Q From Evan Parry, New Zealand : In conversation about a culinary celebration, my friend used the expression polish off, thus: “I polished off the leftover food next morning”. While its meaning in context is generally understood, where and how did the expression originate?
A It does indeed often appear in connection with food, the key idea being that of consuming it completely and probably quickly:
I could easily polish off a packet of biscuits throughout the afternoon, before my dinner of cheesy pasta with buttered bread.
The Sun (London), 15 May 2016.
though it can be used in a variety of other situations, implying the rapid completion of some activity or the subjugation of some adversary:
Freshman Matt McFadden returned the opening kickoff 36 yards and senior Kyle Wigley polished off the drive with a two-yard run into the end zone.
Gettysburg Times (Pennsylvania), 14 Nov. 2015.
He’ll limp to the election; cross the line sadly weakened; and then, in due course, be polished off by another thrusting contender who better understands the political process and can command a majority of the party.
The Age (Melbourne), 24 May 2016.
The idiom has been around since at least the early nineteenth century. Its initial examples were all in the more general sense, extending to getting rid of something, or even to destroy or kill. The application to food seems to have come along a little later in the century, sometimes being simplified to polish without the off. But in his Classical Dictionary of the Vulgar Tongue of 1785 Francis Grose mentions to polish a bone, meaning to eat a meal, so perhaps the food sense really did come first.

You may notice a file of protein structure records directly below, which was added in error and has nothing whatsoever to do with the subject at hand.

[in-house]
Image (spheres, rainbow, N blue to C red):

The idea here is presumably that of clearing the dish by eating everything on it so thoroughly that it ends up appearing polished. This modern work makes it explicit:
He knew that it was polite to leave a little something on your plate when you finished, but this evening he decided to throw etiquette aside and polished his plate to a shine.
Adam, by Richard Allen Stotts, 2001.
The earliest usages of polish off, however, focus on defeating somebody. Some slang dictionaries expressly say that the first context for the idiom was “pugilistic”, that is, linked to bare-knuckle fist fighting:
Bob had his coat off at once — he stood up to the Banbury man for three minutes, and polished him off in four rounds easy.
Vanity Fair, by William Makepeace Thackeray, 1847.
It may be that a slightly different idea is behind this meaning. Since polishing is the last job to be done to complete a piece of work such as making an item of furniture, to polish off an opponent is to finish him, to defeat him utterly.